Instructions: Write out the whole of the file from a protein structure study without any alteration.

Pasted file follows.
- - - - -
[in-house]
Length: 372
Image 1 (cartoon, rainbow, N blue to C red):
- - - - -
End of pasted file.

[in-house]
Length: 372
Image 1 (cartoon, rainbow, N blue to C red):